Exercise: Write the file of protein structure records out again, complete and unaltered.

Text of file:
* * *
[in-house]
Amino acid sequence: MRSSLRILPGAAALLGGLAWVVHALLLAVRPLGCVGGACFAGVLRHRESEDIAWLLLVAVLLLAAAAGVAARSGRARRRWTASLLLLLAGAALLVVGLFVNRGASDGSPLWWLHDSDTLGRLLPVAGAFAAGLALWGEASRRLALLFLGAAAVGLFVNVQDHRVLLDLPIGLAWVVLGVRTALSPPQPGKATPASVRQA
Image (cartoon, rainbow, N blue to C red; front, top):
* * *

[in-house]
Amino acid sequence: MRSSLRILPGAAALLGGLAWVVHALLLAVRPLGCVGGACFAGVLRHRESEDIAWLLLVAVLLLAAAAGVAARSGRARRRWTASLLLLLAGAALLVVGLFVNRGASDGSPLWWLHDSDTLGRLLPVAGAFAAGLALWGEASRRLALLFLGAAAVGLFVNVQDHRVLLDLPIGLAWVVLGVRTALSPPQPGKATPASVRQA
Image (cartoon, rainbow, N blue to C red; front, top):